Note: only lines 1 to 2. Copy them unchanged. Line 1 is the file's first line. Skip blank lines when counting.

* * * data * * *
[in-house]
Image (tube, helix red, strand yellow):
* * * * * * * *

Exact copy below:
[in-house]
Image (tube, helix red, strand yellow):